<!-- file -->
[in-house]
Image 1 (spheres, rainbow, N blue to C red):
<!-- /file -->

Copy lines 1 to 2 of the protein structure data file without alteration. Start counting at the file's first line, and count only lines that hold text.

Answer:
[in-house]
Image 1 (spheres, rainbow, N blue to C red):